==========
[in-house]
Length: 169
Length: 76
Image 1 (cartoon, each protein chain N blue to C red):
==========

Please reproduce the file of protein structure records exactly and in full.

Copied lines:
[in-house]
Length: 169
Length: 76
Image 1 (cartoon, each protein chain N blue to C red):